Located on the shores of a Patagonian lake in Rio Negro, Argentina, this summer house by NE-AR is a redesign of an existing dwelling on the site. According to the architects, the interior space was characterized by “a deep dark dinning- living area with limited relation to the outside with a deficient connection between the kitchen and the private and public rooms. At the same time, the small size bedrooms were inefficient to cope with the actual family growth.” The solution was a new extension, which clearly separates the public and private areas.
The layout was planned as follows: “While the existing house will host two large bedrooms, the main bathroom in the ground floor and a secondary bedroom in the first level, all public areas will be linearly organized within the extension volume: open kitchen, dining place and the lounge area; all these spaces will share a wide open wooden terrace deck facing and open to the lake shore.” Reinforced concrete was the main material employed for the new addition; the highlights of the design are four inverted beams which converge in the only load bearing vertical element of the house, a spectacular column integrating a fireplace. [Photography: Mike Mercau]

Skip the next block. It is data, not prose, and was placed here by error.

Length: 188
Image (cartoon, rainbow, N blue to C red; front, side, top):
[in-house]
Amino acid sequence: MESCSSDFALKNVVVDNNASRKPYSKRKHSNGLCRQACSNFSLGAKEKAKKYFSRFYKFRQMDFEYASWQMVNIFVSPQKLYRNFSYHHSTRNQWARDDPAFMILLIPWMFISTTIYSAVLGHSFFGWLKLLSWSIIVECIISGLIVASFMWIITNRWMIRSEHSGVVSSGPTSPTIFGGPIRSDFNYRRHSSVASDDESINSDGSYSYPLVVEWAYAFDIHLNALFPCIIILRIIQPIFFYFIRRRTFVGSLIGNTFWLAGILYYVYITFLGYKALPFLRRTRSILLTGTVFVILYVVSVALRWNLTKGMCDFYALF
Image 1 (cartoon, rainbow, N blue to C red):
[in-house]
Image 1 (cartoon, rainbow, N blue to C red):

An example of a huge success is Heneghan Peng Architects’ Giant’s Causeway Visitors’ Centre in Antrim, Northern Ireland. Using the large difference in level across the site, the architects created two folds in the landscape. Bold, but not conflicting with the rather bleak natural environment, these folds draw all the man-made areas together and create one fitting man-made break in the natural landscape. In the words of the architects themselves, There is no longer a building and a landscape, but building becomes landscape and the landscape itself remains spectacular and iconic
Energy during the construction process was saved by using FSC-certified glulam timber instead of steel to create the building’s distinctive wavy roof, while the store’s external walls use hemclad, a highly innovative insulator made from hemp, which, like all plants, absorbs CO2 from the atmosphere as it grows. An 80,000 litre water tank below ground provides water for the store’s toilets and waters the site’s green wall’, which provides natural insulation, acts as an all-natural pollution filter near the car park, and helps to encourage biodiversity. The result is a building that uses a fraction of the energy of structures of a similar size, and is still very popular with local shoppers.